I accepted a review copy of The Last Book You’ll Ever Read through Rockstar Book Tours. It’s by Cullen Bunn (author), Leila Leiz (Illustrations), Giada Marchisio (Colorist), Jim Campbell (Letterer). The book was also spotlighted over on Sadie’s Spotlight. So, you can hop over there for an interview and a chance to win a copy of the book for yourself.
Read this book at your own peril.
Olivia Kade wrote the book that ended the world. Now she needs someone who won’t read it.
Civilization is a lie. Hidden deep in our genes is the truth. And it is slowly clawing its way to the surface. Olivia Kade knows the truth, and she has become the prophet of the coming collapse. Her book, SATYR, is an international bestseller, and it is being blamed for acts of senseless violence and bloodshed all over the world. Olivia’s own life is in danger from those who have read her work. Determined to conduct a book tour, she hires security professional Connor Wilson to act as her bodyguard. She only has one requirement: he cannot read her work.
Collects the entire smash 8-issue series.
I thought this was OK, leaning toward Meh. I liked the art, the way it was clean sometimes, but then loose when people lost their civilized mien. The subtle ways some things were relayed tickled me—like Conner suddenly going shirtless (let’s say half naked for the sake of my comparison) at the same time that he essentially went half Wilding. I loved the coloring and I saw where the author was going with the plot. But I still have to say ‘Meh.’
One of the main reasons is how sexualized so many things are. Now, I know when a female reader of a male claimed media (as graphic novels still are) starts saying anything like “I thought there was too much sex,” or “the female character was too sexualized,” a lot of people roll their eyes and dismiss the reviewer as a pearl-clutcher, a feminazi or whatever—and yes, I know women were involved in the publication. But hear me out.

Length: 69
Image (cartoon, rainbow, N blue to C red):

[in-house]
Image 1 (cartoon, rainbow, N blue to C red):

I understand that the book is saying humanity is skewing toward baser instincts. Sex and lust are just such instincts and the Olivia’s book was called Satyr, after all. Plus, even the main characters were losing themselves in a way. I didn’t miss any of the symbolism (and I don’t have any general issue with nudity or sex in a graphic novel, not even a gory horror one). But I also don’t think any—except maybe one—sex scene is actually stitched into the plot. There are several of them and they tend to just be shoved in between chapters with no real plot-relevant purpose. And there are just so many non-sexual panels that are a little too male gaze sexy to serve the purpose. The cover is a great example of what I mean. I eventually just rolled my eyes at it all. Not because I was overly scandalized or because my feminist leanings, but because it was all just so darned pedestrian. I was legitimately bored by it.
All in all, I didn’t hate it. I saw value in it. But it definitely wasn’t my favorite graphic novel of the year.